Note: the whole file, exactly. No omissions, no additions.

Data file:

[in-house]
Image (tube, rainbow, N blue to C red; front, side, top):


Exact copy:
[in-house]
Image (tube, rainbow, N blue to C red; front, side, top):